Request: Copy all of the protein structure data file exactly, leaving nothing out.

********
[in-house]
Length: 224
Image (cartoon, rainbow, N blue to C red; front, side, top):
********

[in-house]
Length: 224
Image (cartoon, rainbow, N blue to C red; front, side, top):